By the CUJ
New orders that, among other things, close the Longhouse and set penalties for violations, were issued Monday night, March 23, by the Board of Trustees (BOT) for the Confederated Tribes of the Umatilla Indian Reservation (CTUIR).
A list of six orders were listed in Resolution 20-028 adopted by the BOT at about 7:30 p.m. Monday following a work session that lasted more than three hours.
The order extends through April 28 and is authorized through the CTUIR Emergency Response Plan, which is being implemented by an Incident Command Team enacted March 2.
The Longhouse is closed. There will be no services or funerals at the Longhouse through April 28. Pendleton mortuaries are adhering to the standards set by the U.S. Center for Disease Control and Prevention.
Failure to comply with any of the provisions of the resolution “constitutes an imminent threat to our public health” and “any person found to be in violation” will be subject to a penalty of up to a year in jail and a fine of $5,000.
Tribal Police are authorized, at their discretion, to stop vehicles that are traveling throughout the Umatilla Indian Reservation.
The only reason someone should be out is to get groceries, for medical purposes or to travel to and from a job that is deemed essential. Employees in that category are supposed to carry photo ID cards that Tribal Police are supposed to be aware of. Further, Oregon and Washington authorities are supposed to be aware of those employees who may be driving from residences in Tri-Cities.
“We are first asking for the community to comply,” said Incident Commander Chuck Sams III. “An officer could pull you over, but this is all out of concern for public safety and health.”
If necessary, a Tribal Police officer may escort a driver back to his or her home, or the officer could issue a misdemeanor citation. The Tribal Prosecutor or the CTUIR Office of Legal Counsel would, at their discretion, decide whether or not to proceed with criminal action.
“I want to emphasize,” Sams said, “that we are not trying to punish anyone. The reason for this enforcement is for public safety.”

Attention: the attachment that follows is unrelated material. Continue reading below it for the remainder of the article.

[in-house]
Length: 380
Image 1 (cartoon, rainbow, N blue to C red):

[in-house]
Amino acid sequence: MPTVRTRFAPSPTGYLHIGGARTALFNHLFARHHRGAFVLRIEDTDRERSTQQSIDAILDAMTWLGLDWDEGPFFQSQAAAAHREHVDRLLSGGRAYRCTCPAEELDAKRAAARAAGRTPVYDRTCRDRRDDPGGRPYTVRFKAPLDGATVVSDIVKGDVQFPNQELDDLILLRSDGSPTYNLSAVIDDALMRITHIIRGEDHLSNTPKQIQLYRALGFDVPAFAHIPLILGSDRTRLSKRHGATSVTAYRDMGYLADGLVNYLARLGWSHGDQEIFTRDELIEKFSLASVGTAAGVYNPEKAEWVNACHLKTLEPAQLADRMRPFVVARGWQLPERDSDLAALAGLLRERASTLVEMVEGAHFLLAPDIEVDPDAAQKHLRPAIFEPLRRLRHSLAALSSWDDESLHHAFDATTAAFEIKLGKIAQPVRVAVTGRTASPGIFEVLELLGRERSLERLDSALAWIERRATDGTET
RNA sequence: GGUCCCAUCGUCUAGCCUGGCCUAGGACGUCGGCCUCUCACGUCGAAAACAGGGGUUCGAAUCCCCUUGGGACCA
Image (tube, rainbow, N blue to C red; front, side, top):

The Resolution calls for other measures too.
People must maintain a distance of at least six feet and are prohibited to gather outside a home or place of residence for non-essential tribal, social and recreational events (parties, celebrations, services), no matter the size.
Catholic Church Services have been cancelled by the Arch Diocese. Father Mike Fitzpatrick can be reached at 541-969-6444.
Services also are cancelled at Tutuila Presbyterian Church. For more information, contact Lloyd Commander at 541-310-2137.
According to the Resolution 20-028, individuals are prohibited from doing business on the Umatilla Indian Reservation that are not consistent with those that are closed by the State of Oregon under Executive Order 20-12.
As of noon on Wednesday, March 25, Wildhorse Resort will close the casino, hotel, Cineplex, arcade, food and beverage, Wildhorse Golf Course, Nixyaawii Community Financial Services and Business Development Services. Wildhorse Resort, which operates businesses off the reservation, will also close Hamley’s Steakhouse, Hamley’s Western Store and Saddle Shop in Pendleton, and Birch Creek Golf Course eight miles south of Pendleton.
Arrowhead Travel Plaza and Mission Market are operating with skeleton crews. Other parts of the resort are “semi-closed,” including security, surveillance, resort/golf course maintenance, administration, finance, and custodial.
“WRC feels it is complying with your Directive and the Governor’s Executive Order,” Wildhorse CEO Gary George told the BOT in a memo. “WRC will continue to maintain a clean and sanitized property that protects our staff, our guests, our tribal membership and our community.”
When individuals need to leave their homes, the Resolution states, they should at all times maintain social distancing of at least six feet from any person who is not a member of their immediate household to the greatest extend possible. People may need to comply with other social distancing requirements issued by Yellowhawk Tribal Health Center as well.
As for going outside, Tribal members can still exercise their rights reserved under the Treaty of 1855. It will be okay to go outside for recreational activities like walking and hiking, but it won’t be okay to play basketball. The Resolution states that activities must be “non-contact” and, in fact, no activities are allowed unless you can maintain the appropriate social distance of six feet or more between individuals.